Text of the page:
While Marvel has found success in building a cinematic universe over the past decade, DC has built its own interconnected series of shows on The CW, using the success of Arrow as a launchpad for numerous series that have allowed them to explore different superheroes, ideas, and themes, while also bringing them together occasionally for exhilarating crossovers, such as the most recent Crisis on Earth X miniseries. The newest show to join this group comes in the form of Black Lightning, breaking ground as the first black leading superhero, and if the series premiere is anything to go by, this promises to be a great addition to the superhero universe and an excellent show in its own right.
Starting the show off with the Nina Simone classic "Strange Fruit" (as well as an unlawful roadside stop and arrest of the main character by police solely because he's black) establishes this show's tone very clearly early on. Much like Supergirl wears its feminism on its sleeve, Black Lightning is unabashed in its exploration of, and concern for, black lives. In many ways, the show seems poised to be about the helplessness of being black in America, giving Jefferson Pierce's life more focus than Black Lightning's in the pilot. However, unlike other shows where a character's civilian alter ego is often in service of their superhero identity, here Jefferson's own life is a rich and full one, of which Black Lightning is one facet that he's clearly working to ensure doesn't take over. At the same time, episode writer and director Salim Akil manages to use Jefferson's experiences as a civilian to paint the necessity of having someone like Black Lightning around. The image of Jefferson walking out of a gang shooting to encounter police officers, arguably a common scene in numerous superhero shows, takes on extra poignancy in this series, with the officer’s words and reaction to Jefferson standing there in a suit working in tandem with the knowledge of Jefferson’s prior police encounter to illustrate how a black man in America cannot expect either group to look out for him.
The pilot also establishes that this is a comeback of sorts for Black Lightning, as Jefferson's inability to protect his daughters, or himself, in the face of gang violence or police racism causes him to choose to use his powers for the first time in nine years. This is a massive benefit from a storytelling perspective, as the pilot establishes that Jefferson has worked through many of the identity crises that other superheroes in the connected universe are currently experiencing, ensuring that the show, and the character, won't be regurgitating storylines that audiences can already see in the other shows.
The one drawback to the pilot is its focus on Jefferson, which is, in its own way, a credit to the show. Jefferson's daughters, Jennifer and Anissa, are well-drawn from the start, their sibling chemistry feeling lived-in, so it's a disappointment to see them reduced to damsels in distress late in the episode who are entirely passive in their own rescue. The manifestation of Anissa's powers, however, triggered by the PTSD she suffers from her kidnapping and near-death experience, is a promising indicator that this won't be an ongoing issue. The supporting players certainly prove themselves more than up to the task of taking on bigger roles, particularly Christine Adams, playing Jefferson's ex-wife Lynn, who manages to infuse a range of emotions into a simple head nod acknowledging and supporting his decision to become Black Lightning again.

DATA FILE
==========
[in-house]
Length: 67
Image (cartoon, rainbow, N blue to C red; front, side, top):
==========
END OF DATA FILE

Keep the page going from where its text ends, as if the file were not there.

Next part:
The show's focus on character doesn't come at the expense of its fight coordination or special effects, however. The two action sequences in the pilot are both well done, and the one fight that occurs with Black Lightning in full costume and effects is a fun watch that shows Jefferson's full awareness of his capabilities. Show creators Mara Brock Akil and Salim Akil are clearly more interested in exploring the character and the world around him, rather than simply taking every possible opportunity to display Jefferson's powers, and the show is significantly better for it.
All of these elements come together for an excellent start to the series. The writers have a clear grasp on the tone of the show and the themes they want to explore, as becomes evident throughout the pilot, putting it leagues ahead of most shows already. The disconnect from the rest of the superhero shows on The CW does work to Black Lightning's advantage, allowing it to explore its own world without being hamstrung by the rules set up by the previous four shows (as a key example, the point the pilot makes about whom the press chooses to call a hero versus whom they choose to label as a vigilante would lose its impact in a universe where Star City's police force and media have reported on Oliver Queen's Green Arrow as a vigilante). Those with a cursory or minimal knowledge of the comics character need not worry; the show does not assume any prior knowledge, but it doesn't get bogged down in exposition either. Instead, it moves along at a brisk pace, and even conversations and flashbacks that convey information carry important emotion and meaning. If the creative team can maintain and build on the positive elements of this episode, Black Lightning could very well end up being one of the best new shows this season. As it stands, with a pilot like this, it's already halfway there.